Another name for this yummy fruit spread could be Fig Marmalade. The lemon is pleasantly noticeable but not overpowering. I am putting it on everything these days! Spread it on cream cheese and toasted bagel or croissant, toasted sourdough bread, my Fig Jam Cake, and poured over brie cheese for a party-oh, and there was that late night bowl of ice cream…..
My favorite kind of small batch canning for jams and preserves is the freezer method like Strawberry Freezer Jam and Peach Freezer Marmalade but giving jars of Fig and Lemon Preserves a quick “water bath” is worth it to be able to give them as gifts this Christmas without freezing them so I have a variety. If I know I’m going to use the preserves in less than a month, I’ll skip the water bath and just store them in the fridge.
Publix just had them BOGO this past week. I would have bought more if I hadn’t found the huge fig tree in my “distant neighbor’s” yard. Read that fun story here.
I bought these purple beauties in the picture above because my green figs in the picture below (taken last year) were not quite ripe when I was ready to make the preserves.
Publix just had them BOGO this past week. I would have stocked up on a sale like that if I hadn’t found the huge fig tree in my “distant neighbor’s” yard. Read that fun story here.
Making Fig and Lemon preserves (or Marmalade) are as easy as tossing the few ingredients in a large sauce pan and cooking it down for a couple of hours. The hardest part (not hard at all-just inconvenient) is to make sure jars are sanitized before spooning in the hot mixture. It’s not enough to wash them, you really need to go ahead and dip them in the pot of boiling water you are already going to boil to give the jars of preserves a water bath. No pressure cooker needed!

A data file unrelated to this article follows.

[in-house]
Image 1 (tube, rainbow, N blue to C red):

If you are looking for another way to use Fig and Lemon Preserves, try my Fig Jam Cake made with Slow Cooker Fig Jam and add a dollop of whipped cream and a spoonful of Fig and Lemon Preserves.
Feel free to message me with any canning questions you may have or leave a comment below. I’d love to hear what you make with figs this season!
Another name for Fig and Lemon Preserves would be marmalade. The lemon is noticeable but not overpowering.
This recipe makes such a small amount, I often don't use a water bath and just put the preserves in the fridge if I know I will use it in less than a month.
- 4 cups fresh, ripe figs [1 (16-oz container)]
- 2 cups water
- 1 1/2 cups sugar
- 1 small lemon, very thinly sliced about 1/4 cup
Rinse the figs in a bowl of cold water. Remove stems from figs. I like to use kitchen shears.
Cut the figs in half from top to bottom. This will help them cook faster.
Combine all the ingredients in a 3-quart saucepan. Bring the mixture to a boil, reduce heat to medium-low and simmer, partially covered, 1 hour, stirring occasionally. You will have to stir more often as it starts to thicken. Mixture is ready when it is slightly thickened.
I like to use a potato masher at this point to help break up any large pieces of fig so it is spreadable.
While the mixture is simmering, bring a large pot of water (12-cups) to a boil. Dip three 1-cup jars into the hot water to sterilize them. Let them dry on a kitchen towel.
Spoon the hot mixture into jars. Seal with Mason jar lids and rings. Heat the rings up in boiling water a few minutes before sealing.
If you are going to keep the preserves in the fridge for a short period of time, there's no need to give them a water bath.
Place a small round cooling rack in the bottom of the pot of boiling water so the jars are not resting directly on the bottom of the pot. Bring the water back to a boil and boil 10 minutes. Remove the jars with tongs with rubber grips on them or canning tongs and let them cool completely. You should hear the rings pop when they seal.